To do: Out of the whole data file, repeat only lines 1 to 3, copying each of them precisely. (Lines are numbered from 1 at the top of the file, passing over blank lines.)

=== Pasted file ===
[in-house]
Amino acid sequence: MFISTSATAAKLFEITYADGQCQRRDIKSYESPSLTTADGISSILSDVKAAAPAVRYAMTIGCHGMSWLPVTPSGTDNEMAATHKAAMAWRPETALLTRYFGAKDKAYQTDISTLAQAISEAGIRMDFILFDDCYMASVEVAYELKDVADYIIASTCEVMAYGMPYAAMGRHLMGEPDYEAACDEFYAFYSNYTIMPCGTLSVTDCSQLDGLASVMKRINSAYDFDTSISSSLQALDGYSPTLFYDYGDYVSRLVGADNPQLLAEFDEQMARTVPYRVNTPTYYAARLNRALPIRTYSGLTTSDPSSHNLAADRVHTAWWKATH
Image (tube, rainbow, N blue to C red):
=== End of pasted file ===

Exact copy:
[in-house]
Amino acid sequence: MFISTSATAAKLFEITYADGQCQRRDIKSYESPSLTTADGISSILSDVKAAAPAVRYAMTIGCHGMSWLPVTPSGTDNEMAATHKAAMAWRPETALLTRYFGAKDKAYQTDISTLAQAISEAGIRMDFILFDDCYMASVEVAYELKDVADYIIASTCEVMAYGMPYAAMGRHLMGEPDYEAACDEFYAFYSNYTIMPCGTLSVTDCSQLDGLASVMKRINSAYDFDTSISSSLQALDGYSPTLFYDYGDYVSRLVGADNPQLLAEFDEQMARTVPYRVNTPTYYAARLNRALPIRTYSGLTTSDPSSHNLAADRVHTAWWKATH
Image (tube, rainbow, N blue to C red):